Every now and then, we like to introduce — or expand upon — a new product or material that outdoor educators might be interested in. By keeping our ear to the ground and paying attention to what’s impacting the outdoor industry, our peers in the adventure-based, outdoor education community can continue to be informed about what’s next.
Today, we’re pleased to shed some light on an ultra-high molecular weight polyethylene fiber named Dyneema.
What is Dyneema and why should I care?
Dyneema is a new age fiber that stops bullets in law enforcement gear, provides lighter weight jibs and thus faster speeds on sailboats, and gives tents and backpacks incredible strength while dramatically reducing weight. Oh, and it floats in water.
Dyneema is solely manufactured by Royal DSM, a Netherlands-based firm that’s recognized as one of the oldest players in the European chemical industry. Dyneema itself is a superlight fiber that’s up to 15 times stronger than steel by weight. Its base — the ultra-high-molecular-weight polyethylene — makes it the strongest of any thermoplastic.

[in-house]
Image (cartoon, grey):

And while it’s been used in climbing gear for quite some time — often referred to as Spectra or Dynex — you would have been hard pressed to find Dyneema products like tents and backpacks until just a few years ago. But today, there are entire companies that use only Dyneema, building their product lines around this highly touted, lightweight fabric.
What are the benefits of Dyneema in the backcountry?
In the outdoor adventure segment, manufacturers using Dyneema have made great strides in several product areas, including tents and tarps. Due to its strength-to-weight ratio, it offers the lightest weight in the industry with the added bonus of being completely waterproof with no water absorption.
In active apparel and footwear, the ultralight category is coming up with a variety of strength-added offerings, including hiking boots. Other advantages include: